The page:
Your data backups are at risk: Here’s how to protect them

One interesting aspect that I have realized during my years of experience working in tech is that cyberattacks spare no one. Individuals and enterprise IT aren’t that different from each other when it comes to falling victim to cyberattacks. We have witnessed a staggering rise worldwide in the number of cyberattacks such as ransomware. Data backups in conjunction with a comprehensive disaster recovery plan are often the only way to return to a normal state and retrieve your valuable data after a cyberattack.

In recent years, we have witnessed several cases where cybercriminals targeted both the live operational services data and backed up data to cripple organizations. Data backups are the new hot attack vector for cyberattackers. These include data destruction attacks, ransomware, and more. Here are the top measures you need to take to protect your data backups from cyberattacks.

Analyze the current state of backups and backup management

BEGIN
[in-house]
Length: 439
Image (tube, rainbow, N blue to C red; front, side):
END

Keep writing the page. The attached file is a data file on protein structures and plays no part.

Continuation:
Before you start working on strengthening and protecting data backup security, you first need to understand and analyze the current state of backups. Organizations need to monitor the data that is being backed up to avoid redundancy or data duplication. Every company also needs to come up with an efficient backup management strategy to oversee the ongoing data protection operations. Generating and restoring data backups is a cost-effective process and should be planned to avoid resource overutilization and cost overhead. Organizations can also use a ready-made off-the-shelf solution to automate the regular backup tasks, manage policy-based data retention, backup verification, and integration with other applications.

Protecting data backup

Choosing the type of backup